Testing strategy for PDD?

Comments

3 comments

  • Avatar
    Mark Baker

    My personal exam strategy (and I passed this one quite recently with this strategy) was:

    Answer as many questions as I can from the start.  As I came across a question, if it required calculations, or referencing other material, or deeper thought - I either left it unanswered or MARK'd FOR REVIEW. 

    I got about 100 questions deep into this exam that way to start, then I took my break.  I had a snack, and a powerade.  I did some quick stretches to get my blood moving, and I returned to the test.

    At this point, I went for the CASE STUDIES.  (I had already started the case study when I took my break).  I answered the case study questions to the best of my ability.  All 25 or so of them.  And I did flag some for review.

    Then I went to the EXAM SUMMARY and went for the questions I had not asnwered first.  I answered all the unanswered questions.  REMINDER: an unanswered question is scored WRONG, and a wrong answer is scored WRONG.  So It does not count worse to take your best guess at an answer.  A person SHOULD NOT leave any questions unanswered.

    After I had handled all my unanswered questions, I then went through the MARK FOR REVIEW questions. 

    Somewhere during the process, I had to take a bathroom break again.

    I finished to my satisfaction with about 10 minutes left, and I actually ended this one early. 

    NOTE: generally people might recommend answering every question and flagging for review as you go - that way if in the end you are running short of time you have at least put an answer to every question and have a chance at getting it correct.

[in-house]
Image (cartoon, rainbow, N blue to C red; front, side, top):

Mark

    2
    Comment actions Permalink
  • Avatar
    Joseph Petrarca

    Mark- I couldn't agree more.  You nailed it,  This is a perfect summary of how to approach PPD and PDD. 

    You cannot afford to get sucked into anything that's going to take more than 2-3 minutes.  Leave those for last.  My analogy is you're playing a dumb video game where you shoot at flying saucers.  The big slow ones and the fast little ones are all worth one point.  Do you spend any unnecessary time trying to hit the small fast ones?  You do not, you hit all the big slow ones until there are no more left, then go for the challenging ones at the end.

    I KNOW there are a few questions in there that are absolute killers.  Typically these are the estimating questions with multiple categories and steps to get a bottom like or make a comparison.  They are difficult under pressure and it's extremely easy to miscalculate due to units conversions (one is square yards and one is square feet...you divide by 9 not 27!) etc. Or you forget to multiply by the inflation factor.

    The other type of killer is typically found on the case studies.  Some question that requires you to check setback, change the size of he building or the occupancy group, find the percentage of this occupancy versus a different one, look up a separation construction in a table.....etc.  don't fall for it.  LEAVE IT!  Those hyper-challenging ones...do them LAST if you have extra time at the end.  They will stop you from getting easier ones right.

    1
    Comment actions Permalink
  • Avatar
    Whitney Joslin

    Thank you so much for the feedback, Mark! 

    0
    Comment actions Permalink

Please sign in to leave a comment.

Powered by Zendesk